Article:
For moving the movable platen 50 up and down, a hydraulic cylinder is mounted on the outside of the fixed end plate 30. This hydraulic cylinder has oil lead 71, 72 to it, a piston in it, and a piston rod 73 extending down from it through a vertical bore in the end plate and operatively connected with the movable platen for moving same.
The lower end of the piston rod is screwed into or otherwise secured to a crosshead 74 which is operatively linked to toggle mechanism, as will be described. The crosshead has side wings 75 with bores through them which ride on guide rods 76 to steady them. The upper ends of these guide rods 76 are secured to the bottom of the head plate 30. Their lower ends are secured to the bottom of the box frame 80 which is supplied for this purpose. The box frame comprises a front plate 81 and back plate 82 whose upper ends are welded to the head plate, and a bottom plate 83 secured to the front and back plates by small coupling plates 84 bolted thereto.
A pair of toggles 90 are mounted between the end plate 30 and the movable upper platen 50. One toggle is situated between the left tie rod and the central crosshead and guide rods just described. The other toggle is situated between the right tie rod and the central crosshead and guide rods. The toggles have substantial width and extend both forward and backward of the tie rods, to help maintain planer levelness of the movable upper platen.
Toggle lugs 91, 92 are fixed to the underside of the end plate 30 and the upper side of the movable platen 50 respectively, forming pivot anchors for the toggles. Pairs of toggle arms 93, 94 are journaled in these toggle lugs. The upper toggle arms 93 have integral J- extensions 95 extending inwardly from them at approximately right angles. The toggle pivot is in the heel of this .I-arm. and its link pivot is in its toe. The ends of those inward extensions are pivoted to short crosshead links 96, which are pivoted to the crosshead.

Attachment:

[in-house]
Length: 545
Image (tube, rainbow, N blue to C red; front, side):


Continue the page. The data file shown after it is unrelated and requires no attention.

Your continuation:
THE DOWN AND UP RECIPROCATIONS When the hydraulic cylinder is actuated and forces its piston rod down, thereby moving the crosshead down, the limited freedom of the toggle arms and links compels the toggle arms to straighten, with the J- extensions pointing in, in approximately a straight line with the crosshead links which have swung outward in the process of moving down bodily. FIG. 3 so shows these toggle parts from above.
The parts are so proportioned and positioned that when the toggle arms are straight or approximately so, the upper mold halves on the underside of the movable platen have moved against the lower mold halves on the fixed platen and are firmly held there by the toggle action.
When it is time to re-elevate the movable platen the oil pressure in the hydraulic cylinder is reversed, the piston rod pulls the crosshead up, the toggles are pulled in their straight configuration and their arms are bent to the configuration seen in FIG. 1 in solid lines, thus bringing the movable platen 50 to its up position as seen in FIG. 1.
When the movable platen 50 is in down position and the upper and lower halves of the molds come together, the core rods fit within the mold cavities formed between the upper and lower mold halves. But when the movable platen is fully up the core rods are to be clear of both the upper and the lower mold halves. For they must be raised but to a lesser extent than the upward excursion of the movable platen and the upper mold halves which it carries. Suitable structure is provided for accomplishing this.